Exercise provides a stimulus to promote increased gains in muscular size, strength, and endurance. Most forms of exercise are based on the progressive resistance principle, which states that to make continued muscular progress requires constantly trying to stress a muscle in some way. This could involve a small increase in the amount of weight used, doing more repetitions, or even reducing the rest time between sets of an exercise. But while exercise is the direct stimulus for muscle and strength gains, the actual gains occur not during the exercise session, but afterward. Optimal recovery after exercise is just as vital in promoting muscle gains as is the exercise session itself. While there are various techniques used to promote recovery following exercise, this article will focus on food and nutrition for the purpose of promoting maximum exercise recovery, while reducing the extent of muscle damage incurred by intense training.
In recent years, it has become clear that the process of recovery following exercise involves several phases. The first phase features a heightened inflammatory response, characterized by the influx of immune cells and the release of their chemical mediators, collectively known as cytokines. Usually, the word "inflammation" conjures up a negative response these days since inflammation is the cornerstone of many chronic diseases, including cardiovascular disease, cancer, and asthma among many others. But inflammation, depending on where and when it happens, can either be a good or bad thing. The release of chemical inflammatory mediators, such as the various cytokines, during illness, helps the body to eradicate and destroy invading organisms that cause diseases, such as bacteria and viruses. Among the way, these immune cells accomplish this task is through the release of free radicals, unpaired electrons that destroy bacteria and cripple the activity of pathological viruses. But it's also a shotgun effect, in that the burst of free radicals from immune cells is also capable of harming nearby normal cells, usually through interactions with the cellular membranes.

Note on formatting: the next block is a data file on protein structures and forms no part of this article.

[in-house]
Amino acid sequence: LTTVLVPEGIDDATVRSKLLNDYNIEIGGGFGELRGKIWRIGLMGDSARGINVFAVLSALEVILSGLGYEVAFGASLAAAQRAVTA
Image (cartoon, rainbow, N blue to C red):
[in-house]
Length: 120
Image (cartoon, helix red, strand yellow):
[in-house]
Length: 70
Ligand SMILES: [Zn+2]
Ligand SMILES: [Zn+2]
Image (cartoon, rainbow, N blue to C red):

In relation to exercise recovery, the first phase of recovery, which involves the migration of immune cells to the damaged muscle areas, serves to foster recovery by clearing out the debris left in the muscle that would otherwise impede complete recovery. This clears the way for the muscles to compensate for the imposed damage incurred by exercise through a thickening of muscle fibers that are promoted by ingestion of essential amino acids, in short, an upgraded muscle protein synthesis effect. The activity of chemical immune mediators, such as interleukin-6 and others, also promote a cascade that results in the increased activity of satellite cells, which are muscle stem cells involved in muscle recovery and increased muscle hypertrophy.
It is because of the beneficial effects of temporary muscle inflammation that drugs that reduce inflammation, such as ibuprofen and aspirin, are not a . . .